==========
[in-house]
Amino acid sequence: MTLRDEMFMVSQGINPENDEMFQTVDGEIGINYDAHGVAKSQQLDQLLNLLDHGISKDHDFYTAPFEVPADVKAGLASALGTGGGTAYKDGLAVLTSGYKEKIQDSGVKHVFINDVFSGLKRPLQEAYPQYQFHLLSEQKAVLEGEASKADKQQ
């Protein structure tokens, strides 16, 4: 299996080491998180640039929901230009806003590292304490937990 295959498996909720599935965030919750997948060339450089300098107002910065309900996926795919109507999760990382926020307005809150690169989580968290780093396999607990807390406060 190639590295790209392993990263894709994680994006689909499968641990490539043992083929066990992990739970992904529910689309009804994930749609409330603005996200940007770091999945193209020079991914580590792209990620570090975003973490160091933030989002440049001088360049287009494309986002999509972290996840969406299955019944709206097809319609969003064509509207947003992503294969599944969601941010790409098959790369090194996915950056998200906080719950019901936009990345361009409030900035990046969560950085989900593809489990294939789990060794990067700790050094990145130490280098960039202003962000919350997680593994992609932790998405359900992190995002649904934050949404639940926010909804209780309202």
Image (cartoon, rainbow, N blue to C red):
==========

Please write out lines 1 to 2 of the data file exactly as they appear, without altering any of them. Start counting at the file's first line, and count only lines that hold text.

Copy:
[in-house]
Amino acid sequence: MTLRDEMFMVSQGINPENDEMFQTVDGEIGINYDAHGVAKSQQLDQLLNLLDHGISKDHDFYTAPFEVPADVKAGLASALGTGGGTAYKDGLAVLTSGYKEKIQDSGVKHVFINDVFSGLKRPLQEAYPQYQFHLLSEQKAVLEGEASKADKQQ